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September 5, 2013

Young tells New Albany audience he's “leaning no” on military action in Syria

Congressman wants more answers from administration

NEW ALBANY — Is there a broader plan for the Middle East? Who will assume power if the Syrian regime is crushed? How will punishing the country’s leadership for using chemical weapons  deter such acts in the future?

Typically during public forums, U.S. Rep. Todd Young primarily fields questions. While he answered inquirers from the audience in New Albany on Wednesday, Young also asked several questions of his own as they pertained to the big topic of the week, Syria.

And until President Barack Obama can provide answers to those questions, Young said he’s “leaning no” when it comes to voting in favor of bombing Syria.

“I hope a contingency plan has been formed. I haven’t seen one yet though,” Young told a crowd of about 60 people who gathered at Indiana University Southeast to hear him speak.

Though Obama has pledged not to send troops to Syria, Young said he’s cautious of further destabilizing the region through military action.

Garnering more allies including partners in the Middle East who’d be willing to address the situation in Syria through economic, humanitarian and possibly military actions would be wise, as entering a conflict without support from other countries is not a favorable proposition, Young continued.

“Certainly I think robust diplomacy is needed here,” Young said.

Obama announced on Saturday that he would seek approval from Congress to intervene in the civil war following reports that Syrian President Bashar al-Assad and his regime used chemical weapons against rebels and civilians.

The attack last month allegedly killed more than 1,400 people including at least 400 children.

The Senate is likely to vote next week when it reconvenes on measures related to approving military action there.

According to an Associated Press report on Thursday, 34 senators either support or are leaning in favor of military action with 26 opposed or leaning against and 40 undecided.

Young, R-Ind., conceded on Wednesday that he has yet to take part in a classified briefing about the alleged chemical attack.

The Obama administration has held some private meetings with congressional members about the situation in an attempt to gain support for military action.

Secretary of State John Kerry told the House Foreign Affairs Committee this week the administration isn’t planning on going to war with Syria.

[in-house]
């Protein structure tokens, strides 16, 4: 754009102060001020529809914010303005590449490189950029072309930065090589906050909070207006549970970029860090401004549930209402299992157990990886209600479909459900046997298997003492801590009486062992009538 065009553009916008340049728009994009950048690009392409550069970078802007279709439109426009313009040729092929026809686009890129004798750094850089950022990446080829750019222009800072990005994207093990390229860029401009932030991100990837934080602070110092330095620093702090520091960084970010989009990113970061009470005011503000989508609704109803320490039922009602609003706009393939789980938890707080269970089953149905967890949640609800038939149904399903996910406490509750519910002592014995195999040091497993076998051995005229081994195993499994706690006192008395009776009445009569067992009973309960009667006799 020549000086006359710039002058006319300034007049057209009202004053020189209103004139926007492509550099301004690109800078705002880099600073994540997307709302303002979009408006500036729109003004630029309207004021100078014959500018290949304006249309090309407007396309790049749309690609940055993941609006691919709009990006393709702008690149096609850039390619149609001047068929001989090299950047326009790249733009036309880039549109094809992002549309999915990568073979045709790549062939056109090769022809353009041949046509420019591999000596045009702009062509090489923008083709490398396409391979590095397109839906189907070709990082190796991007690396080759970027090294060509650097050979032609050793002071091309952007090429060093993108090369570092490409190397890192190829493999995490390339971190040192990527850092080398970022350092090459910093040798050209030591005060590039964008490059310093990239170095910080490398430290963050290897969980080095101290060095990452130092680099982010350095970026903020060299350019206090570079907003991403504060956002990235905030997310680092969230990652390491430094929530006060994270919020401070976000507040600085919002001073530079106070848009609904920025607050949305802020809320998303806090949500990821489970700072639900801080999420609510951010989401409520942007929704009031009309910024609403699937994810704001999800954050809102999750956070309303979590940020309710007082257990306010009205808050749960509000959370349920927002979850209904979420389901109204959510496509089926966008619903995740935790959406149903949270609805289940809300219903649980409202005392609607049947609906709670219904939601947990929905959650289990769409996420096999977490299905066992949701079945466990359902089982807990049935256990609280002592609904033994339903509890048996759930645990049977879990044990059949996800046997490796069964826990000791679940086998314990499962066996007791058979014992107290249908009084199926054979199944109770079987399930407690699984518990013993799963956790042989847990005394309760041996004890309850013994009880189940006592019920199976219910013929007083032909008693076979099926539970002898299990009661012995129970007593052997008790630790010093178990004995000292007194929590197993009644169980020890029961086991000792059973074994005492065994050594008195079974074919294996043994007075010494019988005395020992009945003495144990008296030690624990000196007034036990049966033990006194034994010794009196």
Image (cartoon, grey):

“The president is asking for permission to take a limited military action, yes, but one that does not put Americans in the middle of the battle,” he said.

Young blamed the escalation in Syria on a number of causes including the historical and cultural differences in the country.

He also said removing U.S. military from Iraq has allowed the country to be a “fly over” for Iran to assist Syria.

Russia has also complicated the issue, as the country along with China have blocked U.S. attempts to garner U.N. action against Syria, Young continued.

He was asked several questions by the audience related to Syria, and Young insisted that Obama needs to be more forthcoming with information related to the conflict and in providing a plan for what happens after the attacks.

“I think they need to be addressed before we take military action there,” Young said.

Syria could be a national security threat if it has weapons of mass destruction, but simply bombing the country won’t fully eliminate that problem, he continued.

Young — who will be up for re-election in Indiana’s 9th District next year — also answered questions about the national deficit, college tuition and the tax code during the forum.

Young, who is a member of the House Ways and Means Committee, is pushing for Congress to reform the nation’s tax code.

He said simplifying the code and lowering taxes on businesses would boost the economy, and he’s confident some action will be taken possibly this year to reform the system.

Young’s stop in New Albany was one of several public forums he held during congress’s August recess.

Congress will return to session on Monday.


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